In the big scheme of things, 25 years is a ridiculously short period of time. Unless you’re a sports arena or stadium.
Over in Milwaukee, the hands are being rung over what to do with the Bradley Center, which turns 25 this year. It was built without public money.
Supporters of a new arena — it’s where the NBA team in town plays — are already cutting in line for scarce money, and already basing their positions on the Milwaukee Bucks moving when their lease is up in 2017.
Stop me if you’ve heard this before.
The Milwaukee Journal Sentinel considers the situation today, the day Marquette University Law School and the paper is hosting a conference, “A New Milwaukee Sports Arena? Divining the Benefits and Dividing the Costs.”
Other than the Vikings stadium, this would be one of the first projects in the “no new taxes” era, and certainly the first for Wisconsin in that time. The economy is in bad shape in the state, and education has taken a big hit in recent years.
Diverting existing taxes, like Minneapolis is doing with the Convention Center, might not be a solution.
The 0.1% Miller Park sales tax, collected in metro Milwaukee counties, still has $213 million in debt to pay on that sports stadium. By the time it’s paid off, some experts have said, it’ll be time to plow more money into its upkeep and refurbishment.
A sales tax on hotel rooms and other tourist-related services funded the construction of a convention center, and those bonds won’t be paid until 2032.
Those are two taxes that most citizens don’t seem to mind because they mostly fall on someone else.
But some politicians are now touting the so-called Oklahoma City plan. There, according to a weekend story in the JS, the city was losing corporate headquarters and was dying. Residents kept voting tax increases to fund projects to attract jobs, and they would fail, one after another.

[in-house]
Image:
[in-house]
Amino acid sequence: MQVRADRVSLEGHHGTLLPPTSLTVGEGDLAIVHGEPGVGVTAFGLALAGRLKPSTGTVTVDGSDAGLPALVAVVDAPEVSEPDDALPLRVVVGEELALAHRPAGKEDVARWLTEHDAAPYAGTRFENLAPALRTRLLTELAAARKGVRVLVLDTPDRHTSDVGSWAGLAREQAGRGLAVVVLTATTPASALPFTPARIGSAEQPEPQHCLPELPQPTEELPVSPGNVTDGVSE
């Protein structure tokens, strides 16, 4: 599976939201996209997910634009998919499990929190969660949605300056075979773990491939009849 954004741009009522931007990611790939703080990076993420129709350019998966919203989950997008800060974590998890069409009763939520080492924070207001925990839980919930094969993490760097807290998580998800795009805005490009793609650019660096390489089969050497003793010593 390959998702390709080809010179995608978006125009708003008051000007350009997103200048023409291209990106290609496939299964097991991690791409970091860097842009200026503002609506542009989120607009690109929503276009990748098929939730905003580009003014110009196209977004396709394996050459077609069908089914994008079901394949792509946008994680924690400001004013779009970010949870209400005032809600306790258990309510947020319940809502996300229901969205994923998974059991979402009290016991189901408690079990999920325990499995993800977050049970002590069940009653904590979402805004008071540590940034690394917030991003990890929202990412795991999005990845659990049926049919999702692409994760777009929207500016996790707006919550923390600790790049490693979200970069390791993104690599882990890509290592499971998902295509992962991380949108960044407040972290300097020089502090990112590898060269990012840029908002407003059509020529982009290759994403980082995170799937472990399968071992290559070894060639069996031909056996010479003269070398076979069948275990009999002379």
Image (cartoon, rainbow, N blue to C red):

In the ’90s, when unemployment was pushing 9 percent in the city, he pushed a general tax increase for a revitalization program, including a sports facility, and the residents approved it. Eventually, the city lured the Seattle Supersonics away to become the Oklahoma City Thunder (Seattle had capped the amount of public spending on sports facilities). The unemployment rate in Oklahoma City right now is 4.2 percent.
Could that work in a tax-averse state like Wisconsin?
Apparently, it depends on the marketing.
“My message around the country is this,” Rick Horrow, the pitch man for the project told the paper. “Major-league franchises are like any coveted industry. They should not be taken for granted, they should not be taken lightly and are incredibly important for the image, quality of life and long-term development of a region.”
But on Friday, the Legislative Reference Bureau in Wisconsin , released a report contending Oklahoma City inflated the amount of private economic development the arena sparked. It said most revenue by sports teams, is spent elsewhere.
Instead, it concluded, public spending for sports teams can be based on “civic pride,” but noted it’s an impossible figure to measure.